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Increase your response rates hugely – not an idea we’d suggest

By andrew on October 24, 2014

Increase your response rates hugely! This is not an idea we’d suggest, but it is an interesting story nonetheless. Some of you may be aware, you may even have been affected by our e-mailing disaster of a few years ago.

The story about how our regular (monthlyish) eflyer got caught in a loop, and was repeatedly sending the same e-mail at minute intervals for over an hour. To say we weren’t too popular is a bit of an understatement. However I’ve written elsewhere about how this became an amazing and surprisingly positive experience.

Keep your customers smiling - but don't do it our way!

Keep your customers smiling – but don’t do it our way!

 

It got me thinking though. We prompted responses from customers and prospects in huge numbers, much larger than normal. OK, so they were negative responses, but it clearly left an impression. When calling people to apologise, many people commented that it is an effective way of getting people to remember you!

I was also amazed that out of it, 3 companies contacted us with sales leads. I never expected that! I’d like to think that because we were on the case quickly, and all our communication led with an apology it took the heat out of the situation in most instances.

The key learning point is then that thinking outside the square and coming up with new ideas and new ways of communicating them is the way to make people sit up and take notice. Even with a potential disaster, you’ll be amazed how you can turn this to your advantage so effectively, by following a few simple rules. Our previous blog sets out how we did this, here ……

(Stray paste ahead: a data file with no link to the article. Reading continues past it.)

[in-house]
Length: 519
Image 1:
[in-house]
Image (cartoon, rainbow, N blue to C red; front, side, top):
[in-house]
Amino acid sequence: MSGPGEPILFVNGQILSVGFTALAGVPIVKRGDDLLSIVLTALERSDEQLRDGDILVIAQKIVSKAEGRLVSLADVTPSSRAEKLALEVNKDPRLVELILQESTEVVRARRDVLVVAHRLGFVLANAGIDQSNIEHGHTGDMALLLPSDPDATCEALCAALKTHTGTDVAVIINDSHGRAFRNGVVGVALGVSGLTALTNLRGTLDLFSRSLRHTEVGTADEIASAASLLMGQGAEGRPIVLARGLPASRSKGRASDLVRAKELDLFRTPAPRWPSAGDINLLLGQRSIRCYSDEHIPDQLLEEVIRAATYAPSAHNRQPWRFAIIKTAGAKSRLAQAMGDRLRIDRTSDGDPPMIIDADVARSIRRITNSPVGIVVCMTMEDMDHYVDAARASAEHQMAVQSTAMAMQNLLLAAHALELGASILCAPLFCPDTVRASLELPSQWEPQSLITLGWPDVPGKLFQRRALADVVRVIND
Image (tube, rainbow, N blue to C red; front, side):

Will we be doing this again though? Finding ways of irritating as many people as possible? No, No. However perhaps all we lack is courage! Be bold!

To Market runs telephone sales, telemarketing and customer service training courses across the East Midlands, Peterborough, Cambridge, Leicester, Northampton, Derby, Nottingham, Kettering, Corby, Wellingborough, Coventry, Birmingham, Lichfield, Solihull, Peterborough, Wolverhampton, West Midlands, Milton Keynes, Lincoln, East Midlands as well as wider parts of Leicestershire, Northamptonshire, Cambridgeshire, Suffolk, Buckinghamshire, Warwickshire, Nottinghamshire and Derbyshire.

originally posted 29th Oct 2010


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